Only in Los Angeles could one of the city’s most talked about restaurants be located in a strip mall on a seemingly deserted warehouse strip outside of downtown.  

Angelenos are no strangers to top-notch cuisine served in unassuming environments. The culinary landscape of Los Angeles is vast and varied – yet whether it’s tacos or pho that you’re looking for, no city boasts more hole-in-the-wall gems than L.A. Mo-Chica, a Peruvian-inspired restaurant located in Mercado de Paloma near USC, is no exception.  

Mercado de Paloma, a brightly lit complex with primary colored walls, falls somewhere in between food court and mini mall. Built as a community development center, the Mercado consists of a series of stalls selling everything from Oaxacan woodcarvings to computer accessories. Food, however, is the main draw. Longtime favorite Chichen Itza is present as is Oaxacalifornia, the ever-popular Oaxacan juice bar. Mo-Chica is a relative latecomer to the complex, having set up shop in 2009, eight years after the Mercado opened its doors.  

Since its debut, Mo-Chica has continued to dazzle locals as well as the national food scene. In 2011, Food & Wine Magazine voted the restaurant’s chef/owner, Ricardo Zarate, “Best New Chef in America,” one of the many accolades bestowed upon the young chef. Zarate hails from Lima, Peru, but his culinary chops were cut in high-end Japanese kitchens first in London and then in Los Angeles where he was the executive chef at Wabi-Sabi in Venice. At Mo-Chica, Zarate imbues the food of his homeland with the precision of a sushi-chef and the flavors of Japan.  

The menu is small, tiny by most standards, and daily specials are scrawled in chalk on a blackboard. Every meal begins with Canchita, a bowl of what might be described to Americans as Peru’s answer to Corn Nuts. Like the basket of tortilla chips that graces tables at Mexican restaurants before a meal, this little snack is salty, crunchy and addicting.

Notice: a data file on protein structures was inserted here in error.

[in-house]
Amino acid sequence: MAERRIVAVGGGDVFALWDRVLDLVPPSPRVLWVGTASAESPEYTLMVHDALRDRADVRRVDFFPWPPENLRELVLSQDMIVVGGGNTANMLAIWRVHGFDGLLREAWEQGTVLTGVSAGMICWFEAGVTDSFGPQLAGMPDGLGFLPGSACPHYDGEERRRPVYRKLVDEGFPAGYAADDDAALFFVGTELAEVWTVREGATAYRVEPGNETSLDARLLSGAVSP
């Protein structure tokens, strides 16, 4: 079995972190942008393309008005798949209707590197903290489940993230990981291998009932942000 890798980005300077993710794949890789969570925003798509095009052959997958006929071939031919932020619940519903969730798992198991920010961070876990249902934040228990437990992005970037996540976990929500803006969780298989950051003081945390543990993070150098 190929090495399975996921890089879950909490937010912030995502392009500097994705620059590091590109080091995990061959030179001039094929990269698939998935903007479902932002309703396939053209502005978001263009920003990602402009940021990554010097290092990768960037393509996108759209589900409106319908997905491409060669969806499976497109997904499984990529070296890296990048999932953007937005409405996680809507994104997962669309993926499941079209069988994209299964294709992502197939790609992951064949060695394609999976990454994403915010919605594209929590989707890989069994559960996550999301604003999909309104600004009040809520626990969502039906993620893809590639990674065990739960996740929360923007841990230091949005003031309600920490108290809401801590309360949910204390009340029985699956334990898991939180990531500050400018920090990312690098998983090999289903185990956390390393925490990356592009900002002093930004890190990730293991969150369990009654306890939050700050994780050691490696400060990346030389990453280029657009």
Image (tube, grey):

Mo-Chica does not have a liquor license, but don’t skip ordering drinks. The beverage menu is as long as the appetizer menu and features native Peruvian thirst-quenchers like Maracuya, a passion fruit juice, Cebado, a barley ice tea with ginger and, my personal favorite, Chicha Morada, a purple corn tea that is reminiscent of horchata.  

The Causa del Dia was described on the menu as a Peruvian Potato Salad, yet what arrived on our table was a far cry from the chunky potato and mayonnaise salads of my youth. Instead, what appeared was a perfect cylinder of rich crab salad topped with a layer of yellow mashed potato and vibrantly spicy sauce.

Next, I tried the Ceviche del Dia – a carefully composed selection of fresh seafood, lightly dressed with a tangy marinade, and served with thin strips of red onion, wedges of sweet potato and a handful of those addicting Peruvian corn kernels. The ceviche arrived in a bowl made of ice, which kept the fish refreshingly chilled. The soft fish paired with the crunchy corn was delightful – a new take on the familiar.

The highlight of my meal, however, was one of the blackboard daily specials dubbed Seafood Chicharrones. Deep-fried, yet not greasy, a mound of crispy calamari is served in a mini fry-basket – a playful presentation.   

It’s hard to choose from the short list of entrees. Lomo Saltado – a Peruvian classic – consists of beef, roasted tomatoes and an architectural high-rise of thick cut fried potatoes. Oxtail Risotto, a decadent dish of braised oxtail and barley huancaina risotto melts in your mouth, but more familiar dishes like Arroz con Pollo stand out as well. The chicken is moist and succulent and the rice perfectly seasoned, but it is the spicy Salsa Madre that makes the dish spectacular. I regret not trying the Seco de Cordero, a lamb shank served with Peruvian canary beans and a cilantro puree, or the Quinotto, a quinoa risotto cooked with wild mushrooms and crème fraiche, but my stomach was out of room.

Chef Zarate has already expanded his Peruvian-influenced culinary empire with a new restaurant called Picca in Beverly Hills. No doubt, it’s next on my list.

For more information, call (213) 747-2141 or visit